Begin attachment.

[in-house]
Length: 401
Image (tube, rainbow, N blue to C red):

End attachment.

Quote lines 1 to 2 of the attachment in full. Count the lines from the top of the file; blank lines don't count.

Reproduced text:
[in-house]
Length: 401